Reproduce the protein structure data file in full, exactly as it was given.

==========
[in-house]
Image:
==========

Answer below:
[in-house]
Image: